June 2, 2018

Clark in June

I don't post about the majority of our hikes at Clark Reservation State Park, just because we go there so often, and I have posted about it so many other times.  I have never bothered documenting solo hikes here, and have mostly transitioned to posting only hikes that include family members beyond Frankie and I, just for the fun of looking back at the pictures later.  Even on this front I have been slacking: Frankie and I hiked here with Mary in October 2017 and with Erin and Alden in September 2017, and I didn't document either hike.  In fact, it's been almost a year since I last posted a Clark hike. 

May 28, 2018

Pinery Provincial Park: Pine Trail

The hiking trails at Pinery Provincial Park are generally quite short, but are very rewarding.  Mary and Keith have hiked all the trails at the Pinery, many times over, but Frankie and I still have some exploring to do.  Each time we visit, we hike a different combination of new trails and old favorites.  This year we hiked the Heritage Trail, the Cedar Trail, and the Pine Trail.  We have hiked the Heritage Trail twice, but it is definitely a favorite, and we didn't go there last year, so re-visiting it was a treat.  Although it was a bit sad for all of us that Mary's bum knee prevented her from completing the full circuit; she sent Frankie and I on ahead.  We have hiked the Cedar Trail only once before, and chose it again because we could take the park's trail wheelchair down it, enabling us all to stick together.  The Pine Trail was our "new trail" for this trip.

May 27, 2018

Canoeing: the Old Ausable Channel

Frankie and I returned to the Pinery Provincial Park to camp with Mary and Keith for our fourth consecutive Memorial Day weekend.  The park is located on the eastern shore of Lake Huron in southwestern Ontario, and it is a really special place.  Mary and Keith always make reservations months in advance, and secure a fantastic camp site with a private path to the beach.  The facilities are top notch, and the oak savannas are an unusual ecosystem that provide habitat for plants not commonly found in the northern hardwood and succesional communities near my home.  I truly treasure our time here.  This year was a little different because Mary is suffering grievous knee pain.  X-rays have showed that both knees are bone-on-bone, and recent steroid shots didn't seem to help much.  I suggested canoeing or kayaking as a way to get outside together without Mary having to be on her feet the entire time.

May 16, 2018

FLT/NCT: Kennedy State Forest

For this hike, I wanted to continue my exploration of the Finger Lakes Trail (FLT) in Kennedy State Forest, which also carries the North Country National Scenic Trail (NCT).  There was no parking adjacent to where I left off last week, so I parked on Bleck Road this morning and basically hiked two out-and-backs.  First I hiked east until I got to the "four corners" junction of the main branch FLT, the Virgil Mountain Loop, and the Dabes Diversion Loop, then I returned via the same route.  This section of trail starts in a conifer plantation and then crosses the seasonal Cortwright Road before descending steeply through hardwoods to follow a stream meandering through a floodplain forest.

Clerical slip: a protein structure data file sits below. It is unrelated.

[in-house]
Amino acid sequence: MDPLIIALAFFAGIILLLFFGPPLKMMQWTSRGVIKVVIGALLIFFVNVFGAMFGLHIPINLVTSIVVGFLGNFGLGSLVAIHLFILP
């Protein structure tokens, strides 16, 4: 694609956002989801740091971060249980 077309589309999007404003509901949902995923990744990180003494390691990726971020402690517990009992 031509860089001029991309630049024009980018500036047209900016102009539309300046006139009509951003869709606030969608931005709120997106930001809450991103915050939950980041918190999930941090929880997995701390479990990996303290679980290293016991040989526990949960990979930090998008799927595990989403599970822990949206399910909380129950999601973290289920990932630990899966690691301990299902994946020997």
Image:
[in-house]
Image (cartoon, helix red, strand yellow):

May 9, 2018

Virgin Mountain Loop from Tone Road

The section of the Finger Lakes Trail (FLT) that crosses Kennedy State Forest has many different spur trails that can be linked up with the main branch to make loops of various lengths.  The Virgil Mountain Loop can be hiked as a simple circuit, using parking on O'Dell Road, but I didn't want to orphan the section of FLT east of the loop, so I parked at the trailhead at Tone Road.  This made for a lollipop loop, where I hiked the stick/stem section connecting Tone Road and the loop twice, on the way in and out, then the main loop in a counter-clockwise direction.  The total hike was 7.8 miles with over 1,400 feet elevation gain; more than 700 feet of that climbing occurs in the first mile ascending Virgil Mountain.  This is the highpoint of Cortland County. 

May 5, 2018

Searching for Bobolinks at Three Rivers

My Dad's birthday was this past week, on a work/school day, and we didn't get together then; he had dinner plans with extended family.  I suggested we get together for a hike today and go look for the bobolinks at Three Rivers Wildlife Management Area.  Bobolinks are migratory birds that return to the area this time of year.  They nest in grasslands and the big open fields east of Sixty Road are a good place to find them.  Bobolinks are funny little birds, the way they perch on plants bobbing in the wind.  Bruce and Debbie always enjoyed birding together, and looking for bobolinks on his birthday has long been a fun way to mark the season.  I haven't accompanied them/him on such a mission since Frankie was born, and we weren't sure how much luck we'd have today... would two noisy little boys and a rambunctious dog keep the bobolinks away?

April 24, 2018

Queen's Garden Navajo Loop

After hiking the amazing Fairyland Loop yesterday, our plan for today was to stop at the visitor's center, get Frankie a Junior Ranger booklet, and ask a ranger for a recommendation for a good, shorter hike in the main Bryce Amphitheater.  The ranger emphatically recommended the Queen's Garden-Navajo Loop, which at 3.0 miles with less than 600 feet elevation gain, was perfect for our easy hike (despite the rating of "moderate to strenuous" on the National Geographic map).  We also learned that Frankie would once again be required to attend a ranger-led program in order to complete the Junior Ranger program.  I do find the ranger programs interesting, and we always learn a lot...  My only issue is that we came here to hike, and the available ranger program options are very limited, in April anyway.  However, Frankie very much wanted to be sworn in as a Bryce Canyon Junior Ranger, so we made it work for him.